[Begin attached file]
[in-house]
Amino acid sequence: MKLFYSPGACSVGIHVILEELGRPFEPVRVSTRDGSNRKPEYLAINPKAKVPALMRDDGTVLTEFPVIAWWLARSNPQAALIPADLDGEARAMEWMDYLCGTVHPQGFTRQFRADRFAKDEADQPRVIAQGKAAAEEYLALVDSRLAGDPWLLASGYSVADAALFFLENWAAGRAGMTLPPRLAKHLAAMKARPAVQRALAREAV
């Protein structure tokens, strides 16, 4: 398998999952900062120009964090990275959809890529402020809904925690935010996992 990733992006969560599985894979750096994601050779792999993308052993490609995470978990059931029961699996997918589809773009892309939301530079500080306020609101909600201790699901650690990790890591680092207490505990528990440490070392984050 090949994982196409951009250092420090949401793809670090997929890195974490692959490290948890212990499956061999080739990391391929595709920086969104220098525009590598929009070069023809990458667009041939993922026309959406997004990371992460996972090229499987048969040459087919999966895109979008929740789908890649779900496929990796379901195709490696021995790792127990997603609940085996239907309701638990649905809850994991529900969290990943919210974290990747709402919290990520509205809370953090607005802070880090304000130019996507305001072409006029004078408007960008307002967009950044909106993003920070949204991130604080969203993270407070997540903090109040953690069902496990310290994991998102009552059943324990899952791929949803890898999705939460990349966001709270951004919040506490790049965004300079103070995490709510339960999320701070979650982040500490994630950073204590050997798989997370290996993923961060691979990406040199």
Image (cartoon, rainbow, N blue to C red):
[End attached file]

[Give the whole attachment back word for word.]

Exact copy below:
[in-house]
Amino acid sequence: MKLFYSPGACSVGIHVILEELGRPFEPVRVSTRDGSNRKPEYLAINPKAKVPALMRDDGTVLTEFPVIAWWLARSNPQAALIPADLDGEARAMEWMDYLCGTVHPQGFTRQFRADRFAKDEADQPRVIAQGKAAAEEYLALVDSRLAGDPWLLASGYSVADAALFFLENWAAGRAGMTLPPRLAKHLAAMKARPAVQRALAREAV
């Protein structure tokens, strides 16, 4: 398998999952900062120009964090990275959809890529402020809904925690935010996992 990733992006969560599985894979750096994601050779792999993308052993490609995470978990059931029961699996997918589809773009892309939301530079500080306020609101909600201790699901650690990790890591680092207490505990528990440490070392984050 090949994982196409951009250092420090949401793809670090997929890195974490692959490290948890212990499956061999080739990391391929595709920086969104220098525009590598929009070069023809990458667009041939993922026309959406997004990371992460996972090229499987048969040459087919999966895109979008929740789908890649779900496929990796379901195709490696021995790792127990997603609940085996239907309701638990649905809850994991529900969290990943919210974290990747709402919290990520509205809370953090607005802070880090304000130019996507305001072409006029004078408007960008307002967009950044909106993003920070949204991130604080969203993270407070997540903090109040953690069902496990310290994991998102009552059943324990899952791929949803890898999705939460990349966001709270951004919040506490790049965004300079103070995490709510339960999320701070979650982040500490994630950073204590050997798989997370290996993923961060691979990406040199």
Image (cartoon, rainbow, N blue to C red):